Previously, we reported the PA imaging of type Ib diamond nanocrystals conjugated with gold nanoparticles.28 FNDs have negatively charged centers, giving a red fluorescence emission at 600 to 800 nm. However, these FNDs do not provide high PA signal intensity in the absence of the gold conjugate. DNDs have GR1 neutral centers, which have a fluorescence life time () of 1 ns at room temperature, whereas the intrinsic lifetime () is on the order of 100 nm.29,30 Thus, the fluorescence quantum yield of DNDs should be ca. at room temperature, according to the equation of . However, the GR1 defects have a zero-phonon line at 741 nm with an absorption tail extending to .31 Thus, 99% of the energy absorbed by the DND is released by nonradiative processes, e.g., vibration heating, which may contribute to the PA signal intensity. With the feasibility of producing a high concentration of GR1 centers in the particles, DNDs are well suited for PA imaging applications without the addition of optically active gold conjugates.
The experimental setup for PA imaging of DNDs is shown in Fig. 2. The deep reflection-mode PA imaging system is capable of sub 0.2-mm resolution at depths of 19 mm and a penetration depth of up to 38 mm.32 For this study, we used our previously described PA apparatus,3 including a 532-nm Q-switched Nd:YAG laser (Surelite III, Continuum, Santa Clara, California) that pumps an optical parametric oscillator laser (Surelite OPO PLUS, Continuum, Santa Clara, California) with 6-ns pulses at 10 Hz. The output is conveyed through an optical condenser to generate a ring-shaped illumination, which is depth focused in tissues using a condenser lenses and a focused transducer. The beam diameter was 7 mm at the tissue surface, and the laser intensity was restricted to in accordance with the laser safety limits recommended by the American National Standards Institute. The generated PA signal recorded by the transducer was amplified through a preamplifier (5072PR, Olympus-NDT, Waltham, Massachusetts) and then collected by a PC through an A/D Scope Card (CS21G8-256MS, Gage) with a 125-MHz sampling rate; these data were analyzed and used to create PA images.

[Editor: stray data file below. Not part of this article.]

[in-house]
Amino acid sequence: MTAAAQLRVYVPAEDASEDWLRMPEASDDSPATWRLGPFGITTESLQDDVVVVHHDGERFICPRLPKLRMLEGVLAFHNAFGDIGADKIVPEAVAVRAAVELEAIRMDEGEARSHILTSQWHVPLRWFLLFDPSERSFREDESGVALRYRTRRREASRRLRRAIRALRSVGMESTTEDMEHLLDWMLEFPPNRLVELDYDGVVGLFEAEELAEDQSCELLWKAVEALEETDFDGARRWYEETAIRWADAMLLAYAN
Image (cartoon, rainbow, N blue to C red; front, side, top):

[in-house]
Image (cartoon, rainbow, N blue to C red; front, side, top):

The optical characteristics of the DNDs were measured by PA and absorbance spectroscopy with an integrating sphere (Fig. 3). The optical absorbance did not have a clear maximum due to high optical scattering. The integrating sphere measurement indicated decreasing absorbance from 590 to 780 nm [Fig. 3(a)], similar to the PA signal trend from 700 to 780 nm [Fig. 3(b)]. The PA signal and integrating sphere absorbance were in agreement up to about 950 nm, with the exception of the PA maximum at 820 nm. The integrating sphere absorbance increased beyond 950 nm whereas PA signal intensity decreased. This may be due in part to our laser system’s reduced intensity at wavelengths above 900 nm and the resulting reduced signal-to-noise ratio.
The PA signal amplitude peaked at 700 nm with a second peak at 820 nm. Wavelengths between 700 and 900 nm are ideal for NIR imaging of biological tissues, since the absorption contributions of hemoglobin, water, and Mie scattering are weak compared to wavelengths below 700 nm. We used 820 nm for subsequent PA imaging of the DNDs. Figure 4 indicates a nonlinear increase in peak-to-peak PA signal amplitude with increasing DNDs concentration. Moreover, there was a significant difference in the PA signal intensity of DI water () and DND suspensions above the concentration of (). At higher DND concentrations, the penetration depth of light into the highly scattering medium decreases, and thus the laser intensity at the focus area decreases. Therefore, the PA signal amplitude gradually levels off at higher concentrations of DNDs.
The DNDs were then imaged in raw chicken breast as an ex vivo model. The maximum-amplitude-projected (MAP) image of the chicken breast tissue after the injection of DNDs at a depth of 3 mm [Fig. 5(a)] distinctly shows the regions with and without DNDs presented obviously. The DND injected area increased contrast by 446% compared to the background chicken breast tissue, with a relative standard deviation (RSD) of 33%. A B-scan showed that DNDs can be imaged at a depth of with 79% signal enhancement and 47% RSD [Fig. 5(c)].
The DNDs were next imaged after subcutaneous injection into the lower back of a mouse. The injection site and the path along which the needle was withdrawn are clearly visible against the tissue background [Fig. 6(a)]. The DNDs enhanced the PA signal contrast 919% with a 34% RSD. In a second injection at ca. 3 mm into the hip of the mouse [Fig. 6(b)], the DNDs enhanced the contrast 567% compared to surrounding tissues with a 19% RSD.